Ralph
 

·
Duster Forum Moderator
Joined
·
1,117 Posts
Good quiz!
 

·
Registered
Joined
·
94 Posts
Discussion Starter · #14 ·
Which of these are Chinese inventions?

a) Glass

b) Rickshaws

c) Chop suey

d) Fortune cookies

Chop suey. There are many fanciful stories about its American origin but it is a Chinese dish.
In E. N. Anderson's definitive The Food of China (1988), chop suey is named as a dish local to Toisan in southern Canton. They called it tsap seui, which means 'miscellaneous scraps' in Cantonese. Most of the early immigrants to California came from this region, hence its early appearance in America.
Glass isn't Chinese: the earliest-known glass artefacts are from ancient Egypt in 1350 BC. The earliest Chinese porcelain dates from the Han dynasty (206 BC-AD 220). Ancient China built a whole culture on porcelain, but they never got to grips with transparent glass. This is sometimes used to explain the fact that they never had a scientific revolution comparable with the one in the West, which was made possible by the development of lenses and transparent glassware.
The rickshaw was invented by an American missionary, Jonathan Scobie, who first used it to wheel his invalid wife through the streets of Yokohama in Japan in 1869.
Fortune cookies are also American, though they were probably invented by a Japanese immigrant, Makato Hagiwara, a landscape designer who created the Golden Gate tearoom in San Francisco. He served small, sweet Japanese buns with thank-you notes inside from about 1907 onwards. Restaurant owners in the city's Chinatown copied them and the notes soon started to tell fortunes.
But who's complaining? Chinese resourcefulness has given us: the abacus, bells, brandy, the calendar, the compass, the crossbow, the decimal system, drilling for oil, fireworks, the fishing reel, the flamethrower, the flush toilet, gunpowder, the helicopter, the horse collar, the iron plough, the kite, lacquer, magic mirrors, matches, the mechanical clock, miniature hot-air balloons, negative numbers, paper, parachutes, porcelain, printmaking, relief maps, rudders, seismographs, silk, stirrups, the suspension bridge, the umbrella, the water pump and the wheelbarrow.PHILL Was the rickshaw invented by a bloke called Rick Shaw?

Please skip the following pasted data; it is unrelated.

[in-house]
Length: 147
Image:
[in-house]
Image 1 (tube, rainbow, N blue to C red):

Ralph
 

·
Registered
Joined
·
94 Posts
Discussion Starter · #17 ·
What does a St Bernard carry round its neck?

St Bernards have never, ever carried brandy barrels.
The dog's mission is entirely teetotal - apart from anything else giving brandy to someone with hypothermia is a disastrous mistake - but tourists have always loved the idea, so they still pose wearing them.
Before they were trained as mountain rescue dogs, they were used by the monks at the hospice in the Great St Bernard Pass - the Alpine route that links Switzerland to Italy - to carry food, as their large size and docile temperament made them good pack animals.